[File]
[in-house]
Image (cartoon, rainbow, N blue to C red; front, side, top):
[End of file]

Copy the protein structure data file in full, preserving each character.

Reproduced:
[in-house]
Image (cartoon, rainbow, N blue to C red; front, side, top):